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process of deciding may be the most important thing, scholar says
Dr. Mark Allan Powell
told an LTSP audience
PHILADELPHIA, PA (October 5, 2004) -- The gospel of Matthew teaches believers that the church has the authority to determine when biblical commandments remain applicable to contemporary situations and when they do not.
But what if individuals in the church disagree with such decisions? Or what if the church can't agree? Or what if the church makes the "wrong" decision? Right now the Evangelical Lutheran Church in America is engaged in a process of critical moral discernment involving a sexuality study and a pending decision about whether it is appropriate to ordain gay and lesbian persons in openly committed relationships.
The challenges involved in such moral discernment were explored in depth by the Rev. Dr. Mark Allan Powell during a convocation at LTSP entitled, "The Church as Community of Moral Discernment: Binding and Loosing in the Gospel of Matthew." Dr. Powell is the Robert and Phyllis Leatherman Professor of New Testament at Trinity Lutheran Seminary.
Powell referenced the sexuality study, but he made no indication whatever about any leanings he may have over that matter. Rather, he focused on the process of moral discernment it takes to reach decisions in the church, indicating the process itself is an imperative for the church and its adherents. Beyond being an imperative, he suggested, the process of achieving a decision may even be more important than the decision itself. Highlights?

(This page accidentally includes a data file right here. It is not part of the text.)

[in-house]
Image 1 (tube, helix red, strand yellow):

"Jesus gives the church the authority to bind and to loose the commandments of scripture," Powell said. He noted that in Matthew 16, Jesus gives the keys to the kingdom of heaven to Peter. Two chapters later in Matthew he says to the disciples, "Truly I tell you, whatever you bind on earth will be bound in heaven, and whatever you loose on earth will be loosed in heaven."
Powell then related examples of how in Matthew Jesus gets examples of "binding" and "loosing" right, and the Pharisees and scribes get it wrong. For example, Jesus "binds" the law in Matthew 5: 21-23 that prohibits murder as applicable to anger and insults. And in Matthew 12:1-9 Jesus is portrayed as "loosing" the prohibition against working on the Sabbath with regard to "plucking grain to satisfy one's hunger" and looses the prohibition against working on the Sabbath with regard to acts of healing, declaring "it is lawful to do good on the Sabbath," and he says that those not recognizing such good "condemn the guiltless."
And how does the church decide what it is appropriate to "bind" and to "loose?" Powell advised consideration of scriptural principles within the gospel of Matthew that comprise the "canon within the canon." These principles are central to any possibility of discerning the best decisions.
They are the Golden Rule (Matthew 7:12): "In everything do to others as you would have them do to you " Also the principle of mercy over sacrifice (Matthew 9:13; 12:7) "I desire mercy, not sacrifice." Also, Love for God and Neighbor: (Matthew 22: 37-40: "You shall love the Lord your God with all your heart and with all your soul and with all your mind." "You shall love your neighbor as yourself." Jesus noted, Powell said, that "on these two commandments hang all the law and the prophets." Finally, Powell noted the importance of Matthew 23:23, which urges paying attention to the "weightier matters of the law: justice and mercy and faith."